There was a time when correspondents in particular combat photographers and invstigative journalists had to navigate the daily perils of working in a combat zone while trying to keep their cameras out of harms way as much as themselves. lugging around bulky cameras and fumbling around trying to change a roll of film in the middle of a firefight doesn't go without its problems as no doubt professionals like Tim Paige experienced during Vietnam.
Nowdays of course the emergegence of digital technology has provided photojournalists and correspondents with the tools to even capture images and record current events with an application on a phone.
With so many camera apps available for the i-Phone only one has really stood out as a gem, the Hipstamatic app that allows the user to shoot square photographs, to which it applies a number of software filters in order to make the images look as though they were taken with an antique film camera. One such photographer, Balazs Gardi covered the war Afghanistan when he was embedded with US Marines from 1/8 Battalion in Helmand in Sept 2010 using his i-phone and Hipstamatic app to stunning effect in Foreign Policy's web article which you can see here.
Electronic Arts has filed a preemptive lawsuit against aircraft manufacturer Textron, hoping to invoke First Amendment laws and justify the use of real-life helicopters in Battlefield 3.
Three helicopters appear in the game -- the AH-1Z Viper, UH-1Y, and V-22 Osprey -- none of which were licensed by Textron's subsidiary Bell. EA was previously involved in talks with Textron to reach a resolution over the use of the US helicopters, but those talks broke down. EA feels it shouldn't have to seek a license to use the likenesses of the vehicles, citing fair use.
Electronic Arts hopes to exploit last year's official ruling that videogames were protected by free speech laws. It has succeeded in the past, getting away with using college football players likenesses without permission. EA asserts that the appearance of the vehicles do not constitute an endorsement by the maker, and that the helicopters are given no greater prominence than any other in-game vehicle, appearing simply for realism's sake.
I'd hate to see the loss of the Viper, especially since I've just unlocked the guided missile perk which took me an absolute age to get but I think other than some subtle design changes in a patch I don't think there's much panic that the choppers will be yanked from the game. I remember when JVC had started to develop the first of their PS2 catalogue with a follow up to Wingover, a military flight sim. The game featured aircraft such as the Boeing 747 and from countless other manufacturers including Lockheed Martin, two years of development down the line the Japanese publisher stopped all development because it hadn't acquired the licenses to use the aircraft and feared a lawsuit. That was back in 1999.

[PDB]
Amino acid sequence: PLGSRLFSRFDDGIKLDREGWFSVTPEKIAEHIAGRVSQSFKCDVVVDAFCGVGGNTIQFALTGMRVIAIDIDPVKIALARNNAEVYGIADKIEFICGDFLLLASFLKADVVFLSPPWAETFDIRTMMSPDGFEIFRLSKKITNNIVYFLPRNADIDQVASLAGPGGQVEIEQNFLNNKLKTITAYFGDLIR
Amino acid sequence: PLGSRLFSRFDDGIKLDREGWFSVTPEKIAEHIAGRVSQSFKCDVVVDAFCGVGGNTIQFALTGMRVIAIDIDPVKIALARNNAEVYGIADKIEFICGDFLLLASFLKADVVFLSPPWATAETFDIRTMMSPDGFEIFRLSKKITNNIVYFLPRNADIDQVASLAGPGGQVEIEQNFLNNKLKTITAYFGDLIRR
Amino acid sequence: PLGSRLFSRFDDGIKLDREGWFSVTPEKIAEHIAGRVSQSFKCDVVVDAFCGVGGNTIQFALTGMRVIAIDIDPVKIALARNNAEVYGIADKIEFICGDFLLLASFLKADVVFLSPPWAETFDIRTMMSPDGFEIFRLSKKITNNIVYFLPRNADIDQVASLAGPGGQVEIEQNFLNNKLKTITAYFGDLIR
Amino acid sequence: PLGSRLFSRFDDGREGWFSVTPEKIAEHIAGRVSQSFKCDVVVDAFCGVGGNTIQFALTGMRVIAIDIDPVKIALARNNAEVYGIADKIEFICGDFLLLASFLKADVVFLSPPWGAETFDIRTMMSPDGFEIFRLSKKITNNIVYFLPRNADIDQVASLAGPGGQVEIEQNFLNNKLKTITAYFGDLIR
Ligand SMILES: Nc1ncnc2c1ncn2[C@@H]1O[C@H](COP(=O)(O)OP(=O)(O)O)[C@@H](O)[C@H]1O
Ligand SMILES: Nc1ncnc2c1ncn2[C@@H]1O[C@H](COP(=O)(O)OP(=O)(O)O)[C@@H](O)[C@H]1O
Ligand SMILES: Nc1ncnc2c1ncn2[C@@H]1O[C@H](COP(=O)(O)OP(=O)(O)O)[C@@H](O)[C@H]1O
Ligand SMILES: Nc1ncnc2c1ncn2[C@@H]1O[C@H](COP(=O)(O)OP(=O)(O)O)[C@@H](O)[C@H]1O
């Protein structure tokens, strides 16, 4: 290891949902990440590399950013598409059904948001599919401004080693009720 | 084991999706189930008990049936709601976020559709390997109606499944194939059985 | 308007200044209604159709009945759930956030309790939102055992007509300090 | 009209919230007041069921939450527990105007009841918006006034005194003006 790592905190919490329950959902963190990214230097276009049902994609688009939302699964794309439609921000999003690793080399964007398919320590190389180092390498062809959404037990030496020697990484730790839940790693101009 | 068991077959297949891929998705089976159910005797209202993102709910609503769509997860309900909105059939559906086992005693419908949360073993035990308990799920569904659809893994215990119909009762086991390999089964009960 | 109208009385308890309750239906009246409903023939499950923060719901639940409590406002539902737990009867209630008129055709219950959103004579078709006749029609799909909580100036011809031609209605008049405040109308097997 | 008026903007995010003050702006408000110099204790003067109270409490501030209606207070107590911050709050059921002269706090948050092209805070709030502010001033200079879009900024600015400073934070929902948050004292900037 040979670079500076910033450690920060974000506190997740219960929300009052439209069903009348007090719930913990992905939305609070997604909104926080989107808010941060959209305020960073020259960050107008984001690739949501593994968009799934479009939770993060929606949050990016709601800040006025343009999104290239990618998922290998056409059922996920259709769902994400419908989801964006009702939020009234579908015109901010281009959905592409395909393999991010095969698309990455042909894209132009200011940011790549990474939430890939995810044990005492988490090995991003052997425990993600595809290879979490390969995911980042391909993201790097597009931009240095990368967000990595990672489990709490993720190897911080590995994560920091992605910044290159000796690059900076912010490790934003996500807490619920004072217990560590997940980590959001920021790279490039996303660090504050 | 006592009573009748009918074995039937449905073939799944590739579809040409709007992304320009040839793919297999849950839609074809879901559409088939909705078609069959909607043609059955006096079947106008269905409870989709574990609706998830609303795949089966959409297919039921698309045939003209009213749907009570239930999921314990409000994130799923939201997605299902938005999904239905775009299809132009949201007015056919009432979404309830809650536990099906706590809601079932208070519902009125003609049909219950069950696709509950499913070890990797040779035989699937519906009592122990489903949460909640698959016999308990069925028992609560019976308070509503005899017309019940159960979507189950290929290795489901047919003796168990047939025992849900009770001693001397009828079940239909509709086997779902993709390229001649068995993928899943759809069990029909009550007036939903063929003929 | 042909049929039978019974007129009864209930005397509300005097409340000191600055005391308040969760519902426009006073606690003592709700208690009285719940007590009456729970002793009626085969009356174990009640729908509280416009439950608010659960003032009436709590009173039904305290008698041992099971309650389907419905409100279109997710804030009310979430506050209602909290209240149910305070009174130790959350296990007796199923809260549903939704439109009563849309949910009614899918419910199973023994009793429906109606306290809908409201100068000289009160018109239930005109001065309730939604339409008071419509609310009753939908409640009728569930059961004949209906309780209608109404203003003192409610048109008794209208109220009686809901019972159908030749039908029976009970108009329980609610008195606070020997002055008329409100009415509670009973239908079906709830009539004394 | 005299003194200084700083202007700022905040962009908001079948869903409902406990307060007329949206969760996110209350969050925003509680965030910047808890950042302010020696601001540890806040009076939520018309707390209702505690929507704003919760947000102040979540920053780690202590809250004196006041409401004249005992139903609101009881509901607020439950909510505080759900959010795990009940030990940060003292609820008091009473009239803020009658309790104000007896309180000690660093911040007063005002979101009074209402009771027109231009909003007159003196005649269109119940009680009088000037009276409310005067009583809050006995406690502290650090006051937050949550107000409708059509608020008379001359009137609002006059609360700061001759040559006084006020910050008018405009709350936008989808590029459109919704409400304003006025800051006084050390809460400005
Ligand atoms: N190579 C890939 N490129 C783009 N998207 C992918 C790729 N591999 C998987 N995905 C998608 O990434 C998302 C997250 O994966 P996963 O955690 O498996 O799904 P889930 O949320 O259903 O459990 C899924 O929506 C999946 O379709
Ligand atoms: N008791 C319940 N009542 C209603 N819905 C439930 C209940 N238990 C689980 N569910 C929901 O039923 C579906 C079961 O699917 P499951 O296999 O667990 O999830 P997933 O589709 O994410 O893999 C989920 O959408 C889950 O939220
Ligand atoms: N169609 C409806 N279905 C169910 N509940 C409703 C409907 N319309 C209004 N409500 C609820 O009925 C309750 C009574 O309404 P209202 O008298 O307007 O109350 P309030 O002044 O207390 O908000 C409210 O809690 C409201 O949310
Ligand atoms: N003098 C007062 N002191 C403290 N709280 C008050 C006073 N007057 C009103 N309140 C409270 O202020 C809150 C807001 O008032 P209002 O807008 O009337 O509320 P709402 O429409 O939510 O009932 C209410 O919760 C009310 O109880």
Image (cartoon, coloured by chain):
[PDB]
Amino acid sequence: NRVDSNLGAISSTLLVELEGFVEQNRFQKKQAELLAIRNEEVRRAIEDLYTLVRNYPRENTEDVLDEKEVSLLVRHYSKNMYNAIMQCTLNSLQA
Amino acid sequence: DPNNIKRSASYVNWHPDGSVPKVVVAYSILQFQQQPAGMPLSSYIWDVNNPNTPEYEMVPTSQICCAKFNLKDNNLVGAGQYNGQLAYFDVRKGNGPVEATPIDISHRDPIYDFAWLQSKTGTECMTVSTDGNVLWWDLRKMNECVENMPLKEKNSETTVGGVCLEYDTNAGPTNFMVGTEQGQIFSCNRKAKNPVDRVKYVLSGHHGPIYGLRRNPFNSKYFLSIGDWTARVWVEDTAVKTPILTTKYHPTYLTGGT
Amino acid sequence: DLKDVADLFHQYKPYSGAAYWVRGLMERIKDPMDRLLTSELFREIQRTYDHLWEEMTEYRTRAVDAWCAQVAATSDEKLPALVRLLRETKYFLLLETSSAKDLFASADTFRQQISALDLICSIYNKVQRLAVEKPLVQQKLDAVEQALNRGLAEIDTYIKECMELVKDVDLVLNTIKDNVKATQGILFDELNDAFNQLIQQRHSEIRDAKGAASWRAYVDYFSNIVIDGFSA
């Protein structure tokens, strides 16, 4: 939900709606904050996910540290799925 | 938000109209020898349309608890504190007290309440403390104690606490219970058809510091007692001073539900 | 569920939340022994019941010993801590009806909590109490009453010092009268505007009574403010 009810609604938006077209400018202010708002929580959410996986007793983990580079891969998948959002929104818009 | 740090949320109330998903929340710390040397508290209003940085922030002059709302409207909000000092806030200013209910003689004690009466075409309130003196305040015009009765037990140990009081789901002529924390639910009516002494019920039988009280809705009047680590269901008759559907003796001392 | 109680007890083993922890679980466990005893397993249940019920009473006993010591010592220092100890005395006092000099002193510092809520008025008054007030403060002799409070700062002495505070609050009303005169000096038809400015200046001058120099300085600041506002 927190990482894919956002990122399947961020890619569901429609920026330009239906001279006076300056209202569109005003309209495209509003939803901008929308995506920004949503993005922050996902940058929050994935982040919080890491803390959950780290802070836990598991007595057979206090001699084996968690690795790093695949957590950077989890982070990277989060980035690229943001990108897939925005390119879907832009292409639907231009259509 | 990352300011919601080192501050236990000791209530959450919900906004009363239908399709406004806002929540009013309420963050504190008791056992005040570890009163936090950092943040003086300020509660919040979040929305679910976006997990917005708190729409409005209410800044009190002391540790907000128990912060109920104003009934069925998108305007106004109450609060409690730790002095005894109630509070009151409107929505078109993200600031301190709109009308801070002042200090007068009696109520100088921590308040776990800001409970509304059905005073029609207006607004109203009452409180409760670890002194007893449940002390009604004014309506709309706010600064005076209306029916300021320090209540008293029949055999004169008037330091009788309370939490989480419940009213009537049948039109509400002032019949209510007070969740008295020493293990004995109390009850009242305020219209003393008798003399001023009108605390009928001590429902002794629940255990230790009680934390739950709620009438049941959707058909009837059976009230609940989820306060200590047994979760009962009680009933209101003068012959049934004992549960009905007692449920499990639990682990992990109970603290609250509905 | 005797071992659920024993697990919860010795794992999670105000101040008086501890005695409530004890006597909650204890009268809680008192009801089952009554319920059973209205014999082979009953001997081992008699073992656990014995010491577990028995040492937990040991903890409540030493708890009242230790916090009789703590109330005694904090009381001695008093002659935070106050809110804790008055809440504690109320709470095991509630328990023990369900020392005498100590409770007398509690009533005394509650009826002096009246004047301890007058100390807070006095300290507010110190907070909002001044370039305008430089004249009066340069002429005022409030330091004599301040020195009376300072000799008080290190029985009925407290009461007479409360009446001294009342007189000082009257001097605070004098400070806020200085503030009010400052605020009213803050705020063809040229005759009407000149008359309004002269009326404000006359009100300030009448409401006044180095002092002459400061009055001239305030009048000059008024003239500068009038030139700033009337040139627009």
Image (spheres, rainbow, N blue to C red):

What's interesting is that not all game developers and publishers acquire licenses for things likes weapons and vehicles and in most cases try to find a workaround by changing the design enough that legally a patent lawsuit couldn't touch.Other industries have been affected such as the Airsoft and paintball industry which has felt the lawcourts breathing down their necks especially in the US where patents and trademarks are agressively protected. As late as June 2009 H&K (Heckler & Koch, German weapon manufacturer famous for the SAS Favourite the MP5 took B&T Paintball Designs and Tippmann Sports two of several Airsoft and Paintball distributors to court for copyright infringment on weapon designs.Magpul, another manufacturer also filed a lawsuit against an Airsoft company using its Masada assault rifle design.
In the videogame industry larger more established dev teams benefit from licensing and legal departments to iron out any possible infringment but it remains one of those problematic areas which could probably do with a lot more guidance and accessible information to help entertainment companies and creative professionals stay within the guidelines. How closely EA works with the military isn't known but these are issues that Activision has managed to avoid primarily because its covered all the neccessary issues with regards to depicting real world designs in its Call of Duty franchise.
Until someone can actively represent developers and entertainment companies and guide them through the licensing and legal processes of using military designs this won't be the last time we hear this sort of news.